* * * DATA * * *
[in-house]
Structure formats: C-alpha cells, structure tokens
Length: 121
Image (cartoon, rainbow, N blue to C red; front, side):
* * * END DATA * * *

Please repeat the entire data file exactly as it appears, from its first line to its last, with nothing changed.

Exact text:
[in-house]
Structure formats: C-alpha cells, structure tokens
Length: 121
Image (cartoon, rainbow, N blue to C red; front, side):